So DISD schools don’t have a great reputation, and they aren’t graduating anywhere near the number of college-ready students that they should be. There have been a lot of big ideas to fix the district tossed about: the home-rule charter proposal, splitting the district up into smaller districts, make every school a charter school, hand out vouchers, or trust “Miracle” Mike Miles to heal what ails us.

In the May issue of D Magazine, Eric Celeste writes about a more-focused, data-driven, Moneyball-style approach spearheaded by the organization known as Commit.

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Changing the DISD Board Briefing Time Makes No Sense

Late last night, the DISD Board voted 7-2 to change the time of its monthly “Board Briefing” (where a lot of the good policy work and discussion gets done) from 4 p.m. back to 11:30 a.m. This concern was not new, as Zac noted a few months ago, but still Nancy Bingham’s motion to change it came out of the blue yesterday (and, presumably, only after she knew she had the votes for it to pass).

You may say, why is that a big deal? Until this past year, the briefings were always at 11:30. And the idea that moving them later would cause them to be shorter than the normal seven-plus hours didn’t work that well, as the later time only shaved an hour or so off the average briefing-meeting time.

Yes, the meetings are still too long, but that’s not the issue here.

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Leading Off (4/23/14)

Preliminary Findings Show a Lack of Oversight Contributed to the West Explosion. Five days after the one-year anniversary of the fertilizer plant explosion, the Chemical Safety Board released the initial findings of its investigation, stressing that the ammonium nitrate wasn’t handled properly and that this was a “preventable accident.” The federal agency has been criticized in the past for moving too slowly, and West Mayor Tommy Muska voiced disappointment in how long it’s taken to get “preliminary” results. The investigation is ongoing.

DISD’s School for the Talented and Gifted Ranked Best in the Country. That’s according to U.S. News and World Report’s latest ranking of the best high schools in the nation. At the Dallas magnet school, students must take 11 AP classes to graduate, and 100 percent of those graduates are ready for college.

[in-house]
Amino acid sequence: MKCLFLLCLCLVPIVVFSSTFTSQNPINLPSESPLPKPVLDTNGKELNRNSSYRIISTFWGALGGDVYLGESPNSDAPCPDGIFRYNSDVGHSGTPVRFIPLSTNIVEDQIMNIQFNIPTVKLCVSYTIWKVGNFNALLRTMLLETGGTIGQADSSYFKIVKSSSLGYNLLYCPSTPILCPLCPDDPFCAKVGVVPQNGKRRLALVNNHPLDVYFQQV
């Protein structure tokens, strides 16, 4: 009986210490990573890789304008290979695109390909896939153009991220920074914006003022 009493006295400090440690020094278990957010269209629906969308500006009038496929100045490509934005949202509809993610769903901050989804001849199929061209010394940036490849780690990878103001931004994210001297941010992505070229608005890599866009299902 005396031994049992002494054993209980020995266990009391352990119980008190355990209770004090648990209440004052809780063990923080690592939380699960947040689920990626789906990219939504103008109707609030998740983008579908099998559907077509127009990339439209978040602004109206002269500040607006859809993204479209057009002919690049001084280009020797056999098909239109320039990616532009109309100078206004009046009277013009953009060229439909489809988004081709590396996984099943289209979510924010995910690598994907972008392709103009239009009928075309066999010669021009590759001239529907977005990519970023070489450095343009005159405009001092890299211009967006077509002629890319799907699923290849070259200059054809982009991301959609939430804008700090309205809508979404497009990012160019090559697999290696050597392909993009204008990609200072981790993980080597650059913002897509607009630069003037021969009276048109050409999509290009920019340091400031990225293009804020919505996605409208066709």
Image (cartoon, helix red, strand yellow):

Arlington Council: Leave Your Guns at Home (or in the Car). The council approved an ordinance Tuesday that bans weapons and “simulated weapons” in City Hall. Concealed handguns were already prohibited, but the new ordinance extends the ban to the antique black-power pistols, replica pistols, and long-barreled guns that can be openly carried in Texas.

Dallas Charter Review Commission in Favor of Raises for Mayor, Council Members. Eric Celeste recommended an even greater increase in the April issue of D Magazine, but the commission voted on a 20 percent pay hike for the mayor Tuesday night and a 32 percent increase for council members. That would take salaries to $71,864 and $49,530 respectively. A month remains before final recommendations must be submitted.

Plus, Holy Road Rage. Be careful out there.

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Leading Off (4/18/14)

Earthquake Rattles Northwest Dallas. The 2.5 on the Richter scale was centered near Northwest Highway and Interstate 35E. So what is it that the Pappas Bros have done to anger God? Or are the unholy goings-on at Ojos Locos to blame?

Mesh Mask Bandit Gets 20 Years. Former immigration activist Luis de la Garza had asked the judge for a shorter prison sentence, explaining that he’s eager to return to his community activism. “I want to be OK with my country, because this country has given me a lot of opportunities,” he said, wisely not mentioning that among those opportunities was the chance to commit 20 bank robberies.